By Larry Trowell, principal consultant at Synopsys
This Halloween season, in celebration of National Cyber Security Awareness Month, I’d like to introduce you to a few unwelcome trick-or-treaters you may meet. But don’t look out the window for them; they may already be inside your home, hiding in the Internet of Things (IoT).
The IoT is the entire network of devices that have the technology and protocols to collect and share data: smartphones, cars, thermostats, smart appliances, cameras, home assistants, fitness devices, and anything else with a network connection.
Of course, with network connectivity comes potential insecurity. Let’s address some of the more common IoT security concerns (or security monsters, as I like to festively think of them) that you should deal with now—before it’s too late.
Fight zombie botnets with consistent maintenance
Whenever the relationship between IoT and security comes up, the term “botnet” is never far behind. A botnet is a collection of IoT devices under a cyber criminal’s control. With names like Windigo, Kraken, and Reaper, it’s easy to see that the creators of these botnets have some appreciation for the similarity between their craft and the monster stereotypes of old.
Much like the classic horror movie zombies, these scary beasts are the living dead—that is, outdated IoT devices that you’ve set up in your home and then forgotten about. Without regular firmware updates, your devices could be filled to the brim with known software vulnerabilities, which botnet creators use to gain control of them.
In order to rid yourself of these unwanted pests, drop the salt and spend some time updating your network-connected devices. That includes phone updates you’ve been postponing for a while. If your devices haven’t prompted you to update recently, check with online resources like https://cve.mitre.org/ to determine if there are any known risks in running your devices.
Defeat any poltergeists in your home with passwords
The next monster I’d like to tell you about is reminiscent of the 1982 classic film Poltergeist, where a series of physical disturbances at home turn the lives of one family upside down. In our case, we’re focusing on issues of authentication, where your devices and accounts let someone else in after thinking it’s you. Let’s look at how to avoid this misleading phantom.
You’re probably familiar with connected devices that use default passwords during their initial setup, right? This is an authentication issue—if you don’t change the password, anyone can assume your identity by using the default.
In some cases, there are more severe security concerns. In fact, several years ago, after a consumer set up a security camera in their home, only to find that it didn’t meet their needs, they returned it to the store, at which point it was resold to someone else. Sounds like a perfectly standard procedure, right? It turns out that the back-end system that controlled the camera could not remove the original owner from the account. For all purposes, the original owner had full access to the new user’s video feed. The new owner may have felt as if they had a cursed camera watching over their home—which isn’t so far from the truth.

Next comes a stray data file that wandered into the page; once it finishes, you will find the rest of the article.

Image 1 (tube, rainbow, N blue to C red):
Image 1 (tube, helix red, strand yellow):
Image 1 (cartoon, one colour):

Authorization is a similar concern when it comes to IoT devices. (Authentication refers to confirming the identity of a valid user; authorization refers to granting a user some level of access.) Let’s take CloudPets as an example. CloudPets are stuffed animal toys for children that also conveniently use both cloud and Bluetooth technologies. The issue? If they don’t have a current Bluetooth connection, they allow any Bluetooth device to connect as an authorized user.
If your child has a smart toy, you should actively work to protect it from cyber misuse. The most important step is to change all default passwords. No matter whether a device or account asks for it, use a minimum of nine characters in every password. It’s also important to use uppercase and lowercase letters, numbers, and special characters.
Next, you’ll also want to learn where your data goes and who has access to it. If your devices use Bluetooth or other wireless protocols, see how they connect and whether they have an access code or physical contact with another device to connect with it.
Finally, if you use smart assistant devices such as Amazon Echo or Google Home, place a voice code on your device. You’ll be happy you did the next time your device thinks that it hears the phrases “Alexa” and “buy 20 CloudPets.” Just trust me on that one.
Banish network ghosts by leveraging guest networks
The final fiendish monster with a tale to share with you all today involves something of a ghost. One thing that to remember is that most of your smart devices get their intelligence by being connected to a network—your network. You know, the one with all your other devices on it, like your computer, hard drive, and other devices with sensitive data. If an attacker gains access to your devices, by whatever means they have up their sleeve, they also gain access to your network. It’s pretty much a package deal.
The solution isn’t to call the Ghostbusters (I wish it were the case, however) but to use a feature of many new routers that you’ve probably overlooked. That feature is to create a guest network, one that not just your friends can use but your devices can too. This way, if your devices are compromised, hackers have access only to the smaller network and will be isolated from the data you’ve worked so hard to protect.
Heed my words and follow these simple pieces of advice to keep your home free of unwanted guests during the spookiest time of year.